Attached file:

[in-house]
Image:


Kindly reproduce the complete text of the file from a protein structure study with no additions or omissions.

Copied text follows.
[in-house]
Image: